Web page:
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High Point (NC), U.S.
On March 7, I spent the day at the University of Northampton talking about innovation and new product development with Masters’ leather students, many of whom had significant experience and knowledge
As ever, you learn as much or more leading and presenting these discussions as the students do. Thinking out loud and being challenged on what you say really provokes deep thinking, and all teaching requires two or three times the presentation hours in preparation.
What is clear is that the leather industry fits very well into all the leading edge theory on innovation and market development. Even more, in many instances, tanners and our customers often provide the best examples. That is why Hush Puppies and Converse are central to Malcom Gladwell's The Tipping Point, and no discussion on the virtual corporation can miss out the central role of Nike. The power of well integrated clusters, and the innovation and market power they can develop, still brings us back to vibrant communities like the centres of leather making in Italy. Anyone interested in process innovation alongside product innovation would do well to look at the automobile leather tanners, the tanning industry's larger wet-blue operations, and the larger, leading edge footwear leather tanners.
Indeed, it was a surprise in Milan to discover how strong the order books of the top machinery producers were. While the pace of chemical innovation has slowed as the commitment to compliance with new environmental legislation has hit many leather chemical producers, the machinery makers have taken a role in offering process options that allow tanners to redesign production flows depending on whether they are always making just one or two standard products, or have a highly complex mix of leather types and substances. Gone are the days when a tannery was just a tannery and the only things which separated them was whether they used pits or drums, or whether they split whole hides or sides. The modern tannery is carefully structured for the production of its required leathers with real precision.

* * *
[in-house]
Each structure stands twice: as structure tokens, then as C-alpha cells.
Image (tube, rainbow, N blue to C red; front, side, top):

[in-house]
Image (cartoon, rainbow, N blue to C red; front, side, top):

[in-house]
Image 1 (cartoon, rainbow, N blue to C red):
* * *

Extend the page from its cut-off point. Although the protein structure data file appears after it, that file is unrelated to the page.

So we have both product and process innovation, and both remain vital to advancing leather in a competitive world. But another look at Tanning Tech and the nesting and cutting machinery on show indicates changing "business models". There is no doubt our industry is consolidating as smaller tanners get closed and the bigger ones expand but, allied to this, we have watched automobile tanners starting to cut their own leathers, shoe makers build their own tanneries and a whole variety of major and minor reconfigurations.
Spend a day talking about innovation with bright engaged students and you will come away knowing that the changes to the leather industry are happening fast; will accelerate and will involve not just product and process but the entire business model.
8th March 2016
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